Whenever talking heads and political pundits start debating climate change, I honestly wish that I could turn the clock back 3 years to when Hurricane Sandy hit the Northeast. They would have trouble explaining the fact that on this New York City peninsula where I live and pastor a church, the Atlantic Ocean and Jamaica Bay had not met in over 50 years, but that is exactly what they did on October 29th, 2012.
I would invite them to listen as I advocate within my church and community for environmental stewardship, which, in my opinion, means that we have to be faithful with the earth that God has given us. I would invite them to walk through my “hood” to see homes still abandoned, families still displaced and fragmented – 3 years later. I would ask these know-it-all pundits to walk the streets of my community and see that their continued denial of this issue often gives credibility to those who sit in seats of power. Their words and influence provide justification for holding back funding to reduce climate change and mitigate its impacts on vulnerable communities that await the next inevitable “natural” disaster. I would ask them to talk to the everyday people who have been affected by this issue, without the cameras, without the promise of a ratings boost, and on our terms. They need to hear the voices of everyday Americans who, three years ago may have had no knowledge of climate change, but now have experienced its reality. We have been not just affected, but devastated by it.
It would be my hope and prayer that contact with those who have experienced Hurricane Sandy would have a profound influence on those who recklessly deny climate change, even though it denies the facts and comes at such high costs. I would hope that they have listened closely to Pope Francis, who has called upon all of us – the faithful and faith-less, to pay attention as nature speaks volumes to us. Unfortunately, the voices of these naysayers have been just as loud as the voices of those crying out for change. These voices have tried to drown out nature itself, which is crying for our attention and heed. We continue to deny the facts of our carbon footprints, overuse of global resources and continued, inexcusable lack of action on issues of climate change.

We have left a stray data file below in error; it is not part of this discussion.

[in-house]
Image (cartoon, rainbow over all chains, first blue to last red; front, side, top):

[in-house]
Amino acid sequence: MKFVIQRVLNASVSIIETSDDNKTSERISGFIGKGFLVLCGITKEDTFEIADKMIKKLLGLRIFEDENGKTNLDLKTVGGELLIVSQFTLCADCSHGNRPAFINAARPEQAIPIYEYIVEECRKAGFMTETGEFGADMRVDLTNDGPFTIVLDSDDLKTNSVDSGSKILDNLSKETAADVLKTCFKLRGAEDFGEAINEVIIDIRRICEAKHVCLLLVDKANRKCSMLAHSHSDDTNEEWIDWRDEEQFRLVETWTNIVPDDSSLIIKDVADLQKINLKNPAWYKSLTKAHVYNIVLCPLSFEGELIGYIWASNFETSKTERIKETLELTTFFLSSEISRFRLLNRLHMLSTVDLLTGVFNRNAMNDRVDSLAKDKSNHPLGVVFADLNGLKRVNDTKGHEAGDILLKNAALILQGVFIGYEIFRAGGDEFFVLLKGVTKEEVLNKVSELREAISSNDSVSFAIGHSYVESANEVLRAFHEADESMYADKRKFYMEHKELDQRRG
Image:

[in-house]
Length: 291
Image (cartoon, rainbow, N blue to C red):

The Bible says that “The earth is the Lord’s and the fullness thereof; the world and they that dwell therein” (Psalm 24:1). It is now time for those to whom God has given stewardship over this creation to take a stand and realize that we must respect the overwhelming body of scientific research that tells us that climate change is real and we are the primary cause. It’s time to listen to those scientists, the Pope, and everyday Americans in communities like mine whose lives have been and will be forever changed by our impacts on the earth that we call home: the only planet we currently have to live on.
AUTHOR: Bishop Darren A. Ferguson serves as the pastor of Mt. Carmel Baptist Church in Far Rockaway a Member of WE ACT for Environmental Justice and Campus Life Manager at LaGuardia Community College. He has been a voice for the voiceless during the ongoing recovery after Hurricane Sandy and the issues of Race, Mass Incarceration and reentry. He lives in Far Rockaway with his wife Kim, and is a member of WE ACT.